The shoe is on the other foot.

Defibrillator on left; pacemaker on right




Or I'm wearing a different hat. Or, less metaphorically, L is wearing the pale green Fancy Hospital smock today. He's supposed to be out of the operating room at 11:30 am Central Standard Time. Some of you may recall that he has hypertrophic cardiomyopathy. He is getting a cardioverter defibrillator installed to prevent a life-ending event, as the doctor said. He's supposed to be in the recovery room by 11:30 am CST. The very very worst thing about this is he can't play contact sports, for fear of moving the device, so yesterday was his very last basketball game. He loves basketball. It's his in-the-moment, everything-else-disappears activity. He will have to find another, one where a ball or a person or a floor won't hit him in the defibrillator.

In the waiting area today were three men, all with gray hair, two with paunches and canes, and one who looked diminished. One of the cane men was a patient and the other, his friend. L is in such perfect shape. He doesn't look like the usual cardiac patient.

A nurse told us that a (dreaded) Fellow was going to do the operation along with the Attending (the staff cardiologist). I have a horror of Fellows and interns and residents and medical students. They are real doctors, but they're amateurs. I could feel the difference between a Fellow and an Attending during a biopsy. The Fellow was uncertain and tentative and had to be guided after her first attempt to poke around in my breast. I said we wanted the Attending to do it. I don't know if L was forceful enough with the doctor. He just asked, You're going to do it, right? The nurse had demurred, saying, This is a teaching hospital. Yes, but let them learn on someone else's body. I know this isn't charitable or generous or unselfish. So be it.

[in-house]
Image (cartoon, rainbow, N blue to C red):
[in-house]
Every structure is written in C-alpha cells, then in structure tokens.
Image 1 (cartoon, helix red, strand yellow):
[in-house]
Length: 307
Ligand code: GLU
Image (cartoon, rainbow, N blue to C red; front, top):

2 comments:

Sam said...

I've always thought that it was easier to be operated on than to have someone close to me operated on - no matter how major or minor the surgery. Somehow just being able to feel my self - pain or not - gave me a feeling of much more control and optimism than the most minor thing inside another person.

Of course I’d have to admit that a big part of the difference is that during a five-hour operation for prostate cancer I was blissfully (?) sleeping, while I was forced to stay awake and worried the whole way through Mary Jo's tubal.

Why are we convinced that when we’ve looked at the options available and made our decision everything’s under control, put when someone close to us does the same thing we’re sure something is going to go wrong?

Cancer Bitch said...

When it's someone close to us, perhaps we think that we should be doing more, should be helping more, and there's stress in that.
c. bitch